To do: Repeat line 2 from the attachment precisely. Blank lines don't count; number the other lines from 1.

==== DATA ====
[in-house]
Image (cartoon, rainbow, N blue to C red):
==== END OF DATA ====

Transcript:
Image (cartoon, rainbow, N blue to C red):